But while on vacation in New Mexico with her friend and her grandson, their car was rear-ended at high speed by a tractor-trailer on Interstate 40. The car rolled several times; all survived, but she suffered broken ribs, back and neck injuries and other damage.

"Never ever would I wish this on my worst enemy," she said.

Career-ending disability

At her brother's 2003 funeral, she said, Giants managing general partner owner Peter Magowan saw her wearing a neck brace and using a walker, and asked her if there was anything he could do to help; she declined.

Having been released from a hospital into physical therapy, she battled with insurers to cover her treatment. About $50,000 in coverage ran out fast, as did her savings; her 18 months of physical therapy ended when the money did, not because she'd recovered. Her Social Security Disability Insurance application was rejected; she challenged the rejection in court and lost.

Eager to get back to work both because she loved nursing and in desperation to pay her mounting bills, she returned to the Bay Area in 2005. But constant pain made bending or lifting impossible, and numbness in her hands prevented her from drawing blood or inserting an IV.

Her career as she'd known it was over. Destitute and unable to earn, too proud to turn to her family or friends for help, she soon was sleeping in her car.

Someone eventually told her about St. Mary's Center, where she occupied a cot for a few months while seeking General Assistance and other aid. She still spent 7 a.m. to 4 p.m. on the streets in a rough part of town: "I found for seniors it's very dangerous. People will come up and ask you for things or try to take things from you, or bully you... It's a constant fear."

"Once something like this happens to you, it's like the end of your life... Your life changes and it's all something new," she said.

A daily struggle

A busy life and satisfying career had become a daily struggle for shelter, food, clothes and safety, and getting public aid proved to be "the merry-go-round of all merry-go-rounds" with months of paperwork and waiting before she got a dime.

On General Assistance, she was able to rent a room in a transitory housing facility on San Pablo Avenue. From there, she moved this week to a studio apartment in another Oakland facility for low-income seniors.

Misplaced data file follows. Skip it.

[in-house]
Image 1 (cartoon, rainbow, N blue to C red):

St. Mary's has set her up with legal aid to renew her SSDI application.

Until she gets it, she can't get state Medi-Cal coverage, so for now she gets her prescriptions from a Berkeley clinic. She parcels out every penny worth of food stamps to ensure she can eat, but lacks enough for proper nutrition and so recently discovered she's borderline diabetic.

"I never thought that hopelessness could be this terrifying," she said. "I always thought this country would provide social security if you needed it. But I find these to be just words."

Yet the hopelessness has abated as her caseworker, Sister Mary Nolan, helped her secure benefits and the apartment in which she now lives. In return, she has focused her formidable will upon helping St. Mary's Center serve others like herself, and upon ensuring the public can't ignore them.

"The first thing that strikes someone is her fierce determination to be independent, and also that she is willing and wanting to reach out and help other people whom she sees suffering similar situations to hers," said center director Johnson.

St. Mary's needs millions to move to a new site this year, and Kreidler on Monday clutched a stack of donation envelopes she intended to hand out. She said she was tempted to finally do for the agency what pride had kept her from doing for herself -- asking Magowan's aid.

"There's trust and love in here and they give you hope, some kind of hope that it's going to get better," she said. "That, to me, is what life is all about -- to care, to support, to help. If we don't do that, why are we all here? We're all interconnected."

Yet she balked at first when encouraged to tell her family about what befell her.

Her grandson, also in the car crash and now 11, is the light of her life. When he and his mother came up from the Modesto area to visit last year, St. Mary's staff managed to set her up somewhere else for a few days so they wouldn't know she was sleeping at the shelter.

"I want him to look at me like I'm not broken down and old," she said, but instead like the grandma who used to take him fishing, bicycling and on other adventures. "I want him to think of me and remember me that way."

She'd like to be able to give him a copy of the film of her 1964 race.

"He's a tremendous golfer, he's going to be another Tiger Woods... I want him to know that, 'If I can do this, you can do anything.' "

Contact Josh Richman at jrichman@angnewspapers.com.

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St. Mary's Center reaching out

St. Mary's Center has made a huge difference in Rosie Kreidler's life.

But after a dozen years of serving Oakland's needy from its building at 22nd Street and Martin Luther King Jr. Way, the independent nonprofit agency has seen its land sold out from under it. The lease is up at the end of June, and might or might not be extended.

Executive Director Carol Johnson said the agency -- which not only helps homeless seniors but also provides a preschool program, community services and groceries for low-income families -- is in contract to buy a nearby property on 27th Street, but "it's going to need some significant rehabilitation. We're not clear at this point how this is all going to happen, but were determined that it will."

A $10 million capital campaign launched last year has raised about $600,000 in pledges and gifts so far, and now is reaching out to philanthropies and government agencies for help.

To help St. Mary's Center, send donations to 635 22nd St. Oakland, CA 94612. Call Johnson at (510) 893-4723, ext.201 or go to www.stmaryscenter.org for more information.